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Kellogg’s Café Looks to Move Breakfast Cereal Beyond Breakfast

Times Square, New York: Tourist capital of the nation, home to iconic institutions like Rockefeller Plaza and the Broadway theater district, classy eateries like Toloache and Esca, and recent entrant Kellogg’s NYC.

Wait, what?

Yes, it’s true. On July 1, the maker of cereals like Fruit Loops and Frosted Flakes opened a concept café in the heart of Times Square to serve its brands in unexpected and novel ways. The move signals the company’s growing awareness that cereal’s power as a mainstay breakfast staple is eroding.

A Time Before Cereal Got Soggy

The café appeals to nostalgia, with its clean white walls and checkered floors. “The idea [with the café] is to take something that is already very familiar and make it new and fun,” said Anthony Rudolf, whose culinary institute partnered with Kellogg’s.

Indeed, its decor harkens back to a time when breakfast was the undisputed king of the morning. Times have changed though. While sales have been falling since the mid-1990s, over the last 15 years they have dropped almost $4 billion overall. “The cereal category is certainly shifting,” said one director of a food research organization. “Consumers overall are less interested in industrially processed grains as a meaningful start to their day.”

Cereal Killer

Why the declining interest? There are two answers to that question: convenience and health, and they both have a lot to do with millennials.

Initially conceived as a convenience food to replace hot cereals, according to a recent Mintel survey, it has become a bit too inconvenient for 40% of millennials who report they avoid cereal in the mornings because it requires dirtying a bowl and a spoon, as well as some assembly. This stands in stark contrast to the protein bars, premade smoothies, single-serving yogurts, and on-the-go breakfast sandwiches favored by the generation, which require little to no preparation or clean up, and are mobile above all else.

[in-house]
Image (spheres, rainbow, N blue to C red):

Cereal Aisle

For those who value health over convenience, the simple corn, rice, and wheat carbohydrates that form the base of the most familiar breakfast cereals—and the sugar-dense flavorings that accompany them— have fallen out of favor over the last decade as consumers have come to prefer their grains whole and minimally processed. In place of breakfast cereal, these consumers turn to steel-cut oatmeal, congee, or peanut butter or avocado spread on toasted whole grain bread.

Millennials don’t see cereal as a quick part of a complete breakfast but as a relic of slower-paced and unhealthier mornings.

The Prize in the Box

And yet, there is hope. Cereal is no longer the cornerstone of American’s breakfast, but that doesn’t mean it is reviled.  It just has to adapt. “They have to embrace that people love the flavor and texture of cereal and the vintage nature but it’s not about breakfast,” said Christina Tosi, Kellogg’s NYC's visionary.

Kellogg’s SVP of marketing and innovation also sees opportunity for those willing to think outside the cereal box: “One-third of cereal consumption happens outside of breakfast hours. Cereals are meeting people’s meal needs across all parts of the day—in between meals, after school, even after dinner.”

Some Artisanal Jam with Your Fruit Loops, Sir?

That’s where the Kellogg's NYC comes in.  Starting with such familiar labels as Raisin Bran, Special K, and Fruit Loops, the café charges $6-$8 for such dishes as the “Life in Color”—which combines Fruit Loops, lime zest, marshmallows, and passion fruit jam—and “Berry Me In Green Tea” which pairs Rice Krispies, fresh strawberries, and green tea powder. The complimentary ingredients play to foodie culture and reposition cereal as a versatile companion to an array of flavors and textures, not a one-trick fish unable to survive without milk.

Already others have offered their favorite “hack” for breakfast cereal. Famed country singer Trisha Yearwood enjoys mixing Cinnamon Toast Crunch with Fireball while celebrity chef Ferran Adriá pours paella over a bed of Rice Krispies to add some crunch to the Spanish dish. Or, our favorite: Danny Bowien’s Corn Pops served over bacon-infused soy milk, topped with a fried egg.

Such a groundswell of excitement around repurposing cereal stands to strip away its stale image. It may never again be king of American mornings, but if Kellogg’s has its way, it will become a familiar part of every mealtime.

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